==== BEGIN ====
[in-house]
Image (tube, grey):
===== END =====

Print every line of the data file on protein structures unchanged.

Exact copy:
[in-house]
Image (tube, grey):